Contact Us
News

Albert Small's Big Vision

Washington DC Other

At age 88, Albert H. Small hasn't stopped developing. Except it's not buildings anymore, but ideas.

No, this is not the Army Navy Club where your publisher joined Albert for lunch the other day, but a three-week old health food eatery in a building he owns next door (1666 K St) that he wanted us to see first. The quinoa and chia berry yogurt bowls and fluffy scrambled egg white burritos drew a packed crowd despite the lineup of food trucks at the curb. Albert stays in touch with the trends, though a lot has changed from when he grew up in Chevy Chase DC, went to Wilson High, and then into the Navy at the end of World War II fresh from V-12 officers training at UVa

His father, also named Albert but without a middle initial (so Albert H. is not a Jr.), was a mortgage banker and realtor, and on the board of the Bank of Commerce on 7th Street, which he convinced in the '50s to move to what he foresaw as a burgeoning Connecticut and K Street area. He joined with Morris Gewirz, Charlie Kaplan, and Bill Magazine to develop an office building called 1700 K, and over the years, as demand surged for office space, also built 1000 Connecticut Ave across the street (today renamed 1717 K) followed by 1801 L and (with Charles E. Smith) 1666 K. Here's 1700 and 1717 K as of yesterday, many changes later.

Meanwhile, Albert H., after leaving the Navy, finished at UVa, and went to work for a general contractor in SE DC and Falls Church. While his father focused on office, he went into residential. With Hermen Greenberg, he built single-family houses in Montgomery County, Fairfax, and Lake Barcroft, and later continued with Ralph Ochsman and Morton Funger. (That's Albert on the right.) He says they were lucky: No housing had been built during the War, and 16 million servicemen were returning who didn’t want to live with their parents, or in Kansas or Missouri anymore. The partners eventually built 20,000 apartments in Norfolk, Newport News, Richmond, Baltimore, and Alexandria. In Greenbelt, they joined Ted LernerEddie Perkins, and Isidore Gudelski in creating Springhill Lake apartments, at the time, with 3,000 units, the largest apartment complex in America.

Inside the Army Navy Club, Albert consults his iPhone on the stock of Home Properties, to which the partners later sold all their apartments. As their parents' generation passed in the '80s, Albert H. and his generation (Bernie GewirzEddie Kaplan, and Sheldon Magazine) took over the business, renovating the family properties. Surface parking lots were disappearing and they recognized the need for more garages. 15 years ago the partners (and their kids) tore down 1700 K and another building they bought next to it to create a single state-of-the-art office building with bountiful underground parking. They still get together at monthly partners meetings, an excuse for mile-high sandwiches in Bernie's office from nearby Paul Bakery.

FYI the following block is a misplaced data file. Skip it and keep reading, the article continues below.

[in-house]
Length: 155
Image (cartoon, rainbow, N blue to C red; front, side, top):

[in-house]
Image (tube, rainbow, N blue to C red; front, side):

Albert's no longer devoted to daily management, but to philanthropy, here getting the National Humanities Medal from President Obama in 2009. Yet he's not just giving away money, but pursuing a mission: trying to get citizens to learn and care more about their country. He's made major contributions to, and created celebrated historical document collections at UVa, GW, and the Smithsonian, and been recognized by the National Endowment for the Humanities, the Library of Congress, and the National Archives. 

As he told interviewer Chris Wallace last month, when Fox News Sunday named him Power Player of the Week, he thinks it would be great if young folks could spend as much time thinking about history and culture as they do sports and TV. To that end, he finances students and teachers to study the D-Day invasion of France and then to visit the beaches at Normandy and understand more fully the sacrifices necessary for freedom. He's also championing a public-private partnership to build major underground parking and a visitor center at the National Mall so visitors to the monuments and Smithsonian will have easier access to American history.

Son Albert H. Small Jr. (known as "Sonny" and whom we snapped back in 2008 with sister Susan Small Savitsky and their dad at Chip Akridge's annual lunch on the Mall) is working again with his dad, after being a developer many years building homes in Northern Virginia, then very successfully building and selling high-rise apartments in Reston. Sonny has a son, Albert N, who makes for the fourth generation in real estate, learning the retail development and leasing business at Rappaport.

The Somerset House condo towers in Chevy Chase is an enduring landmark Albert created with partners Greenberg, Ochsman, and Funger, between 1988 and 1999, still setting regional price records for re-sale today. Albert and his wife Shirley have lived nearby in Bethesda for 50 years, enjoying their stunning gardens, above. Still, Albert comes in to work every day. He shares the exact same birthdate with another perpetual power plant, Ted Lerner. Remember to wish them both a happy 90th on Oct. 15, 2015. But that's a long ways off, and they're busy men with a lot more to do.